The holidays can go by very quickly, and if you’re not intentional, it’s easy not to make the most of the season. Research shows that “savoring,” intentionally living in the moment and noticing good things as they happen, creates positive emotion that can improve your health, happiness and relationships. So this year, savor the season! Here are seven ways to do just that:
1. Make decorating the tree an event, not a chore.
Create a meaningful, memorable tradition out of decorating the Christmas tree. Get the whole family involved. If you live alone, invite others over to take part. Turn on the Christmas music, cook or order in, have some hot chocolate, take pictures. Have fun.
2. Give Christmas cards in person.
Now, this one is hard if you have 100 people on your list. So, choose just a few people to hand deliver cards to. Drop by for a quick visit. It’s a great way to reconnect and adds a personal touch. With so many cards pre-printed with no personal acknowledgment inside, personally signing and delivering a card will make it heartfelt for the recipient.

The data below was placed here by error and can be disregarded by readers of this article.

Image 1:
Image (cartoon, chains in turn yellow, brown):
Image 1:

3. Kiss under the mistletoe.
There are few better ways to savor than a sweet kiss.
4. Go Christmas caroling.
If you really want to get into the spirit, start singing. Whether it’s singing Christmas carols in your own neighborhood, at church or to the elderly at a local nursing home, the camaraderie and fellowship are a great way to savor the season.
5. Play Christmas music.
This is an easy one. Grab your favorite Christmas CD – is it the Temptations? Nat King Cole? Mariah Carey? – and enjoy the music. There’s no other time of year to listen to it, so between now and December 25th, play away!
6. Have a get together.
Celebrate the season with a get-together. Whether it’s just three or four friends for coffee and conversation, or a Christmas party for 50, get together with the people you care about.
7. Worship on Christmas.
In the midst of all the shopping and parties and gift giving, it’s all too easy to forget the reason for the season. Savor the season by going to worship service on Christmas Eve or Christmas Day, or having your own sacred time at home.